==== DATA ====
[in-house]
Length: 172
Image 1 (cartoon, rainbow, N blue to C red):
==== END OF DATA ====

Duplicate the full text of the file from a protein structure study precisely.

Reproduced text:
[in-house]
Length: 172
Image 1 (cartoon, rainbow, N blue to C red):